Skip to main content

Sequenom to Acquire Axiom Biotechnologies; Plans Spree of New Releases

NEW YORK, Aug. 21 - Sequenom has 18 busy months ahead of it.

The company today announced plans to acquire privately held Axiom Biotechnologies, which Sequenom said will help its nascent pharma division build some internal biology, assay, and drug-discovery muscle. Sequenom also said it will release a gaggle of new products and updated technology beginning in the third quarter and continuing into 2004.

 

Axiom, based in Sequenom's home port of San Diego, has expertise in the study of human cell lines and cell-based assay technologies. The acquisition, scheduled to close before the end of September, is intended to accelerate by as much as two years Sequenom's own tender foothold in the drug-discovery arena.

 

"The acquisition of Axiom is a strategic fit for the long-term development of our pharmaceutical unit," said Toni Schuh, president and CEO of Sequenom. It "rapidly enables us to move our discoveries forward by adding internal assay and screening abilities, key technologies, a library of well characterized human cell lines, expertise and intellectual property."

 

Sequenom said the pharma unit also intends to perform nine more genome scans by the middle of next year. The company said these projects will focus on cancer and cardiovascular and metabolic diseases.

 

On the new-technology front, Sequenom said its genetic-systems division will start rolling out more than a half dozen new gadgets every six months or so.

 

Among the new products Sequenom customers can expect include:

 

·        A new MassARRAY system. This tool, due out before the end of September, is designed to annotate up to 20,000 analytical reactions per day.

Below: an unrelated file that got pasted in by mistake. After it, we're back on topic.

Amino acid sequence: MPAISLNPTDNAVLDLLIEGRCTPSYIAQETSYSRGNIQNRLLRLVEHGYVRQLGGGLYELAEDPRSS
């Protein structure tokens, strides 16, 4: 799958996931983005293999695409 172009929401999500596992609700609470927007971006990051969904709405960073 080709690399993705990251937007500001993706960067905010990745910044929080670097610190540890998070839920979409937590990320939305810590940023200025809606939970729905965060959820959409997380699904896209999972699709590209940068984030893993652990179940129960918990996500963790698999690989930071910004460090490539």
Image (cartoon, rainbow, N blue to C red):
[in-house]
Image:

·        An allelotyping unit. This product, which also will be rolled out before the end of September, pools scores of DNA samples into a single assay that is meant to help researchers determine allelic frequencies of a SNP population.

 

·        A compact nanoliter liquid-transfer system. This product, due out in the fourth quarter, is an upgradeable MassARRAY nanodispenser that Sequenom said can double the throughput levels of existing liquid-transfer systems.

 

·        A re-sequencing product line. One tool, due in the fourth quarter, will perform targeted SNP discovery while another tool, set to launch sometime next year, will perform microbial identification. Sequenom said the technology will enable researchers to scan up to three megabases per mass spectrometer per day.

 

·        A rapid thermocycler system. Scheduled to launch in the first quarter next year, this system is said to be able to run four times faster than currently available products.

 

·        A desktop MassARRAY tool. This medium-throughput system is set to be released sometime next year.

 

·        A microscale MassARRAY system . This technology, scheduled to appear by the end of 2004, will combine onto a single Active SpectroCHIP the entire sample process, including DNA amplification, primer extension, and mixture with MALDI matrix.

 

Schuh said in a statement that these new products should help the company "run cash flow positive" by the fourth quarter next year.

The Scan

Pfizer-BioNTech Seek Full Vaccine Approval

According to the New York Times, Pfizer and BioNTech are seeking full US Food and Drug Administration approval for their SARS-CoV-2 vaccine.

Viral Integration Study Critiqued

Science writes that a paper reporting that SARS-CoV-2 can occasionally integrate into the host genome is drawing criticism.

Giraffe Species Debate

The Scientist reports that a new analysis aiming to end the discussion of how many giraffe species there are has only continued it.

Science Papers Examine Factors Shaping SARS-CoV-2 Spread, Give Insight Into Bacterial Evolution

In Science this week: genomic analysis points to role of human behavior in SARS-CoV-2 spread, and more.